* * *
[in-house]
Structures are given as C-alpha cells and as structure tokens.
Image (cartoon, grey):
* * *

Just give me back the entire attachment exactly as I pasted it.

[in-house]
Structures are given as C-alpha cells and as structure tokens.
Image (cartoon, grey):